Are worms victims of racial oppression?

A bizarre Twitter spat between scientists reveals there are no limits to woke idiocy.

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Worms are an oppressed group.

This is the latest discovery to come out of ‘Science Twitter’, which recently became embroiled in a bizarre row after an editor disparaged our dear, wiggly friends.

The Daily Beast covered the story, which all began with a tweet from the ‘animal review podcast’, Just the Zoo of Us.

The tweet asked followers, ‘What is the most overhyped animal?’. Michael Eisen, editor of the well-regarded science journal eLife, playfully responded that the roundworm – known officially as Caenorhabditis elegans – was his answer. Why? ‘They wiggle forward. They wiggle backwards. And occasionally they fuck themselves’, he joked.

This is when things started to turn sour. One scientist said that in the wake of Eisen’s comment, she was ‘really reconsidering the submission’ of a paper (presumably to eLife).

A professor at the University of Utah referred to Eisen’s tweet as ‘something a frat boy would say’, and expressed bemusement that Eisen did not understand ‘why people are complaining he swore’. Apparently, swear words are a no no among biology nerds.

One worm specialist, Irini Toaplidou, declared, ‘The worms got hurt, I got sad and lost my enthusiasm for eLife’. Scientist Maureen Barr said: ‘I was really disheartened that lockerroom talk remains acceptable and defended in the academic Twitterverse.’ Lockerroom talk? Seriously? He was hardly saying ‘grab ‘em by the pussy’ – even if he was mocking worms’ sex lives.

One expert – who had the obligatory pronouns listed in her Twitter bio – suggested that attitudes like Eisen’s had led to people missing out on research grants. She drew attention to the fact he did have such funding, implying some kind of privilege.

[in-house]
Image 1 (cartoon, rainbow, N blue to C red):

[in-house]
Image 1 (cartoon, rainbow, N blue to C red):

The aforementioned Utah professor said it was a question of ‘a position of power’. It seems Eisen is guilty of white academic privilege – though he also said he had failed in proposing research papers about flies.

So far, so stupid. But the argument really became toxic when people decided to bring up discrimination against humans. Yes, that actually happened. Among those playing the race card was Irini Topalidou, who made one of the most bizarre comments of the whole saga.

‘The worm community’. What world are we living in? One journalist reacted aptly: ‘I can’t tell what’s satire anymore.’

Indeed, it is hard to distinguish comedy from sincere sentiment in the long Twitter threads stemming from Eisen’s original tweet. But it seems that a number of scientists were genuinely outraged by his comment.

Some rejected the claim Eisen had just made a harmless joke. One scientist drew parallels to racist and sexist jokes: ‘It’s just a joke… women and POC [people of colour] have heard that one before.’ Biologist Ahna Skop said, ‘Jokes are often microaggressions. Meant to be funny, but in turn hurting others.’ Skop also claimed the fly-versus-worm debate among scientists ‘is an allegory’ demonstrating ‘what we are all up against in the fight against systemic sexism and racism’. ‘It’s not a joke about worms’, she added, ‘it’s about…the bystander effect’. It is a joke about worms though, isn’t it?

The attempt to connect worms to racism is one of the strangest things to have emerged from social media in recent years. The idea that those who do not speak out in support of worms are bystanders akin to those turning a blind eye to real-world discrimination is utterly deranged.

It appears wokeness knows no limits. Even the corridors of nerd power are seen to be dominated by anti-worm fascists, who are equivalent to actual bigots. It is believed there is no hope for the oppressed unless we unite anti-racists with anti-animalists to form a united woke front.

At times like these we can only hope that when the worm revolution comes, we tyrants are spared, and welcomed as late-comers to the rebel fold. We will have to join in with the chorus sung by the oppressed zoo population in George Orwell’s Animal Farm:

‘Beasts of England, Beasts of Ireland,
Beasts of every land and clime,
Hearken to my joyful tidings
Of the Golden future time.’

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